It looks like Lucasfilm will continue to bet on its most famous properties now and in the future – even if that means brand-new projects fall by the wayside.
According to a recent THR report, sources close to Lucasfilm claim the Disney-owned studio has “shifted away from developing projects that are new” to instead lean “even more toward those already under its umbrella.” Essentially, expect more movies and TV shows based on existing properties, rather than original content.
Those comments come after the rights to adapt Tomi Adeyemi’s fantasy novel, Children of Blood and Bone – once heralded as an upcoming Lucasfilm project – were picked up by rival studio Paramount.
Adeyemi herself “grew disenchanted” with the stalling project, sources say, as Lucasfilm refused to accommodate her creative input. Paramount, however, has reportedly allowed Adeyemi to pen the screenplay on the still-in-development adaptation.
As for which projects are being prioritized by Lucasfilm right now, THR lists a series based on 1988 fantasy film Willow, Indiana Jones 5 and “many, many Star Wars movies and shows.”
We’ve detailed several of the latter in this guide, but we know that the likes of Star Wars: Rogue Squadron (from Wonder Woman director Patty Jenkins), an untitled Star Wars trilogy from The Last Jedi director Rian Johnson, and feature films from both Taika Waititi and Marvel boss Kevin Feige could count among those on the horizon.
It's unclear which (if any) of these are still in active development, though.
Analysis: Less is more?
As disappointing as it is to see promising projects like Children of Blood and Bone cast aside in favor of seemingly countless Star Wars spin-offs, it’s not difficult to understand why Lucasfilm would prioritize the latter.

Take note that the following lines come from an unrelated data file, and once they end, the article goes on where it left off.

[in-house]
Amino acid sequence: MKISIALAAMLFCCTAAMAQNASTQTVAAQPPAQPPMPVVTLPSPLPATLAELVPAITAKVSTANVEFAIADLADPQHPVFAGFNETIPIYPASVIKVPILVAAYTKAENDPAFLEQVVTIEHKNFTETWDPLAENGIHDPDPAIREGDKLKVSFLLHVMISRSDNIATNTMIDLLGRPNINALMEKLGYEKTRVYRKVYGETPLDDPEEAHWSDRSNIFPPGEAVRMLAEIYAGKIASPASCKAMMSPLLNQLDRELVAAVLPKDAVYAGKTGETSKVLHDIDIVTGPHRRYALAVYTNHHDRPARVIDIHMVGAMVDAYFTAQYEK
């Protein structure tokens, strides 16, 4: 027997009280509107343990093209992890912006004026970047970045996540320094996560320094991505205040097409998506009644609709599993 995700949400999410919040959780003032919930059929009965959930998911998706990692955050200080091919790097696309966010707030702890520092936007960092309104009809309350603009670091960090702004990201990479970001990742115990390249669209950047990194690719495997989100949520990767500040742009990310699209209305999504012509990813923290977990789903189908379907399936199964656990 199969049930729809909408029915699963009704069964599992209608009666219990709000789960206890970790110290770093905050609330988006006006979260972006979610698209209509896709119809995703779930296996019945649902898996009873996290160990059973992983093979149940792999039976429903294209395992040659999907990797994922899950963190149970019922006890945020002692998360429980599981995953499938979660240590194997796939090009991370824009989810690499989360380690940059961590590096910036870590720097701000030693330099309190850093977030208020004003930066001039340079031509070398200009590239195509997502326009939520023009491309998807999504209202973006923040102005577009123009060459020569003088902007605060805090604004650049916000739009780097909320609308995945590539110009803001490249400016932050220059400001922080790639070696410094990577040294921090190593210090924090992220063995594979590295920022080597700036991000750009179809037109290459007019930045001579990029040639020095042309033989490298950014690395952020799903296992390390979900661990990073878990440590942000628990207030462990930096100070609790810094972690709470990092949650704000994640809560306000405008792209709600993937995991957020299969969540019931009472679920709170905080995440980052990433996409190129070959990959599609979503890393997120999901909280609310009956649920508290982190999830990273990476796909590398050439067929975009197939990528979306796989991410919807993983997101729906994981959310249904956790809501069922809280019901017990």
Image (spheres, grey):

Star Wars remains one of the most beloved (read: lucrative) franchises in the world, and fans will always maintain an appetite for new adventures in a galaxy far, far away. Recent successes like The Mandalorian also prove the viability of Disney’s approach to new Star Wars projects – Jon Favreau’s show quashed fears that TV spin-offs might never be capable of meeting, let alone surpassing, the quality of the original movies.
But absence makes the heart grow fonder, and Lucasfilm risks spoiling the appeal of its golden goose by over-indulging fans with project after project.
Not all of them will resonate, either. Mid-season reactions to The Book of Boba Fett suggest Lucasfilm isn’t automatically onto a winner by having its shows rely on the nostalgic appeal of once beloved characters.
In fact, in the case of Boba Fett, the studio risks tarnishing the legacy of these characters by portraying them in an altogether different light (a fact subtly acknowledged by actor Temuera Morrison in the below interview).
Temuera Morrison didn't like the writing in The Book of Boba Fett. He thinks Boba Fett talks way too much and tried to get it fixed multiple times. pic.twitter.com/kjXzb3WXYYJanuary 17, 2022
There is no doubt that Lucasfilm will continue to fill Disney’s coffers by leaning on projects “already under its umbrella” – but heeding the expression ‘quality over quantity’ may be a better route to bringing more Star Wars fans back on side.
What's more, while Star Wars is the jewel in Lucasfilm's crown, adapting newer works like Children of Blood and Bone would likely draw in new audiences who aren't fussed about George Lucas' universe.
Diversifying its back catalog, instead of solely focusing on its largest and most lucrative franchises, then, should really be Lucasfilm's priority.
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Axel is a London-based Senior Staff Writer at TechRadar, reporting on everything from the latest Apple developments to newest movies as part of the site's daily news output. Having previously written for publications including Esquire and FourFourTwo, Axel is well-versed in the applications of technology beyond the desktop, and his coverage extends from general reporting and analysis to in-depth interviews and opinion.
Axel studied for a degree in English Literature at the University of Warwick before joining TechRadar in 2020, where he then earned an NCTJ qualification as part of the company’s inaugural digital training scheme.